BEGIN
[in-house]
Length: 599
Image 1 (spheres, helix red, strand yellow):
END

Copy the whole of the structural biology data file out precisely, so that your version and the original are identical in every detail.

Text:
[in-house]
Length: 599
Image 1 (spheres, helix red, strand yellow):